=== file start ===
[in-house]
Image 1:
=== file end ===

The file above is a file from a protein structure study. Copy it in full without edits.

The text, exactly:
[in-house]
Image 1: